Charles Woods was born in Adelaide on February 24th 1869. He was the youngest of seven children born to James and Catherine Henrietta Woods. They were parents to four boys who were to form an early dynasty at the newly formed Norwood Football Club and whose legacy remains today.
Woods Street, adjacent to Norwood Oval, is named in honour of his older brother, John and the Woods Medal, awarded to the player demonstrating outstanding leadership on and off the field is named in honour of the family.
Charlie was destined to wear the red and blue. Older brothers, Julian and Edward had played in the club’s first six premierships prior to Charles’ first game and John had been part of the most recent three premierships and was destined to play in three more alongside Charlie.
He debuted as a 17 year old but demonstrated his readiness by kicking 19 goals in his first season and topping the side’s goal kicking list.
Reports of the day spoke of his excellent ground skills and how many of his goals were the result of guile and cleverness.
Charlie went on to be Norwood’s leading goal kicker in seven of the 11 seasons in which he played. In three of those seasons (1888, 1891, 1892) he was the competition’s leading scorer with tallies of 29, 55 and 46 respectively. His tally of 55 in 1891 was the first time a Norwood player had kicked 50 goals in a season.
He was three times a premiership player including the 1889 premiership when for the first time it was necessary for a play- off game. Norwood defeated Port and Charlie played his part by kicking three of Norwood’s seven goals.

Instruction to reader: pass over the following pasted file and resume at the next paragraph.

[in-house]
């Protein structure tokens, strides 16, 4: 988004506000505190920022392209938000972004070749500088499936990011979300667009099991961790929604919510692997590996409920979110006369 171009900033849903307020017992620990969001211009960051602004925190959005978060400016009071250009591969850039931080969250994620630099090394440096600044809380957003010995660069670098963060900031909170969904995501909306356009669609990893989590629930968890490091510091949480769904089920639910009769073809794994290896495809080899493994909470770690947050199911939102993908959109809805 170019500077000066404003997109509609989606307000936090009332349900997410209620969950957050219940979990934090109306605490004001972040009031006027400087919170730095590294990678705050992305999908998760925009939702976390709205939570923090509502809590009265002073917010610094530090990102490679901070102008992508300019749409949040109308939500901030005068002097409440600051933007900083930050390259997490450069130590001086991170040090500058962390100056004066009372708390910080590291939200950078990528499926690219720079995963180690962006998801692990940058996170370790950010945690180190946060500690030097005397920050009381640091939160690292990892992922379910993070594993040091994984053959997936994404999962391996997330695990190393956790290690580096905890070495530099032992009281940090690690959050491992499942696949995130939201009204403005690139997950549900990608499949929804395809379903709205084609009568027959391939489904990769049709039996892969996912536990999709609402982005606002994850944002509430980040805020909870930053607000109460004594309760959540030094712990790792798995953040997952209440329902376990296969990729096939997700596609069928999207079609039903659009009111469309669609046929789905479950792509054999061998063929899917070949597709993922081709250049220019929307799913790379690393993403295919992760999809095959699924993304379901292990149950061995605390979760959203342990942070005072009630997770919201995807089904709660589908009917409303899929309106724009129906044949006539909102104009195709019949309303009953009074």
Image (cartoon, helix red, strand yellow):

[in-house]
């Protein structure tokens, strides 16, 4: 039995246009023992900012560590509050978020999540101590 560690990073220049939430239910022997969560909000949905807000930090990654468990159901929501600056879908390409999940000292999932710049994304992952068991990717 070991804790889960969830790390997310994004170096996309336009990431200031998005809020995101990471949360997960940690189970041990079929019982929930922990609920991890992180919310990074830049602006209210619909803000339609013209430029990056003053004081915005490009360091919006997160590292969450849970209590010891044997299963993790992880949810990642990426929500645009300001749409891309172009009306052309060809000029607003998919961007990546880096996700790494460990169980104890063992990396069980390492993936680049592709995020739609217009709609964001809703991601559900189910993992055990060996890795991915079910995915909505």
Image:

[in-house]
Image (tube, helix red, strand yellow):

In 1888 he was in the team that beat Victorian Premiers, South Melbourne in three consecutive games at Kensington Oval to become Champions of Australia.
Woods' composure under pressure was recalled in the WA Sportsman 4 June 1915 p 5 " One very muddy day in 1893 South Australia was playing Victoria on the Adelaide Oval and we well remember how Charlie Woods marked the ball some 60 yards out just before the final bell rang. South Australia wanted a goal to win, when Woods got a stick and leisurely scraped the mud from the ball, then wiped it on his trousers, and then again on his guernsey; after that he slowly and carefully placed the ball - the proceedings taking at least four minutes. The crowd was wild with itself with no ordinary degree of with [sic] excitement, and expressed vehemence at the sang froid of Woods, who seemed as if he did not care if he took two hours over his kick. Amidst intense excitement Woods kicked the goal and won the match."
Charles served Norwood in administration as well as on the field. He was club secretary from 1894 to 1897.
Away from football Charles was successful in the business world. He formed a partnership with J. Henry Spinkston and together they worked as hotel brokers and licensed valuers, working from an office in King William Street.
At 37 years of age, Charles married Anna Ida Louise Juttar on 19th October 1903. They had a son, Charles, who was born in 1910.
Four time premiership player, seven times leading goal kicker, four years club secretary and Life Member. Charles Woods is one of the truly great men of Norwood.
Charles Woods died on the 1st June, 1951 aged 82
B Ridge Feb 2020